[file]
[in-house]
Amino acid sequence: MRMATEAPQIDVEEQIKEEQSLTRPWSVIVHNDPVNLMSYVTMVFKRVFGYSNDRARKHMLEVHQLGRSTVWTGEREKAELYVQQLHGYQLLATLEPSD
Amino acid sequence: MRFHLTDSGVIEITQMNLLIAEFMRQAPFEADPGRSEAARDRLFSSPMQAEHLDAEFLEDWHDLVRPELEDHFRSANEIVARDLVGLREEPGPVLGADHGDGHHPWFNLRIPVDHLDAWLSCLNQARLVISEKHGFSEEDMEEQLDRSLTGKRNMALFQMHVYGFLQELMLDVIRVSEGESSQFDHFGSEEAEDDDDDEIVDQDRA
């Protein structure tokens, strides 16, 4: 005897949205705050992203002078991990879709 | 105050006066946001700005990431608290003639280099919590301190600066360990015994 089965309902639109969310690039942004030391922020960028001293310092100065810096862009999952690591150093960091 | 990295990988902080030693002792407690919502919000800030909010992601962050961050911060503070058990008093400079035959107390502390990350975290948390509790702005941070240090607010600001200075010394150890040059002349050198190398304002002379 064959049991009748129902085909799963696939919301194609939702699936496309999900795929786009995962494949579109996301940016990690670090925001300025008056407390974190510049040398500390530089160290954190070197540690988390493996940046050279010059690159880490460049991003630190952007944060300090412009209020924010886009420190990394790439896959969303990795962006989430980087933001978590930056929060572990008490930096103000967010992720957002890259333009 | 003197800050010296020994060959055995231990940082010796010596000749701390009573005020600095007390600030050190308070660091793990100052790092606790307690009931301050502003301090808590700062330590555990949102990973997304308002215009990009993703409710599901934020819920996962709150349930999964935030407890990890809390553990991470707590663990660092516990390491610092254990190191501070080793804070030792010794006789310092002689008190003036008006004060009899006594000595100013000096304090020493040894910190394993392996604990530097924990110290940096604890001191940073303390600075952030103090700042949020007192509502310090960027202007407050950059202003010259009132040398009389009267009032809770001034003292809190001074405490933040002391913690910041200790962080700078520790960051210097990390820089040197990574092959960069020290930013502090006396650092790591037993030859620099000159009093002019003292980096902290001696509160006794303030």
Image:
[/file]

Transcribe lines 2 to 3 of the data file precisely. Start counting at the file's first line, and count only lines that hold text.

Amino acid sequence: MRMATEAPQIDVEEQIKEEQSLTRPWSVIVHNDPVNLMSYVTMVFKRVFGYSNDRARKHMLEVHQLGRSTVWTGEREKAELYVQQLHGYQLLATLEPSD
Amino acid sequence: MRFHLTDSGVIEITQMNLLIAEFMRQAPFEADPGRSEAARDRLFSSPMQAEHLDAEFLEDWHDLVRPELEDHFRSANEIVARDLVGLREEPGPVLGADHGDGHHPWFNLRIPVDHLDAWLSCLNQARLVISEKHGFSEEDMEEQLDRSLTGKRNMALFQMHVYGFLQELMLDVIRVSEGESSQFDHFGSEEAEDDDDDEIVDQDRA